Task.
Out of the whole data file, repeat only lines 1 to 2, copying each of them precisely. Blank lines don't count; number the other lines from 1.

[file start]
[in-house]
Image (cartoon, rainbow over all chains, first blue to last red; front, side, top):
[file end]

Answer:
[in-house]
Image (cartoon, rainbow over all chains, first blue to last red; front, side, top):